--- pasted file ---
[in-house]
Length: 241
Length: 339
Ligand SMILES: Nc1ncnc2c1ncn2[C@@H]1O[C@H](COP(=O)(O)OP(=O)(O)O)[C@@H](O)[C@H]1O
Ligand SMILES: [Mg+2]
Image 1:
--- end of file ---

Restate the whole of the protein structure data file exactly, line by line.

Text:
[in-house]
Length: 241
Length: 339
Ligand SMILES: Nc1ncnc2c1ncn2[C@@H]1O[C@H](COP(=O)(O)OP(=O)(O)O)[C@@H](O)[C@H]1O
Ligand SMILES: [Mg+2]
Image 1: